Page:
According to data released this month by the United Nations’ Development Program, equality is lacking between indigenous and non-indigenous populations when it comes to poverty, employment opportunities and education. The information comes from a new U.N. report entitled, “State Measurement of Development Objectives in Indigenous Populations in Chile” and highlights areas of inequality.
Specifically, the data collected indicated that the poverty rate of indigenous people in Chile is at approximately 2.7%, which is nearly double that of non-indigenous people (1.4%). Likewise, indigenous people are less likely to have access to formal employment and are more than 10% less likely to graduate from secondary education (essentially high school) — indigenous peoples graduate at a rate of 73.7% compared to a rate of 82.1% for the non-indigenous population. When only women are examined the education statistics become somewhat worse. Indigenous women in rural areas graduate at a rate approximately ten percentage points lower than non-indigenous women, but in urban areas that number doubles, meaning indigenous women in those areas graduate at a rate approximately 20% lower than similarly situated non-indigenous women.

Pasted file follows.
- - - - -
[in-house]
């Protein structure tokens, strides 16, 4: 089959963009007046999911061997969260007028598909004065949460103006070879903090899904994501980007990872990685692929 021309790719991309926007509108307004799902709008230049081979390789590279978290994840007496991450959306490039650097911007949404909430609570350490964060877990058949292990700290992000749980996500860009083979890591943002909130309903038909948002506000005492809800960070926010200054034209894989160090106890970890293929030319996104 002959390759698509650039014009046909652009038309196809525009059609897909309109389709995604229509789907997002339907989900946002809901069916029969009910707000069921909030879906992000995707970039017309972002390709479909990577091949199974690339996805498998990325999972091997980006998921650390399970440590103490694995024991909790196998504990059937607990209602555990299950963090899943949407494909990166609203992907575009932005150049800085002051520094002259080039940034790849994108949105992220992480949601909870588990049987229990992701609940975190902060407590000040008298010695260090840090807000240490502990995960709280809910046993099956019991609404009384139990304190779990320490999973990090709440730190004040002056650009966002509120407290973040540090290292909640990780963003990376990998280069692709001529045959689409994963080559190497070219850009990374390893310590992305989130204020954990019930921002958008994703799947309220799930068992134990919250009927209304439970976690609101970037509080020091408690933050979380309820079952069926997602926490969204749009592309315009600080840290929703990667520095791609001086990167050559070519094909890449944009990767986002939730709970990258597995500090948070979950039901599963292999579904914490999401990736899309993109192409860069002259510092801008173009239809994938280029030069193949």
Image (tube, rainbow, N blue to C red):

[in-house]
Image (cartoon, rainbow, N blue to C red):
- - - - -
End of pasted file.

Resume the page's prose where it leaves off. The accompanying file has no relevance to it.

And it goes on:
The U.N. Development Program is expected to release the full results sometime this month.